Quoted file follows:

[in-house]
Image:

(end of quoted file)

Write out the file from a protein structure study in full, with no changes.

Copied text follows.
[in-house]
Image: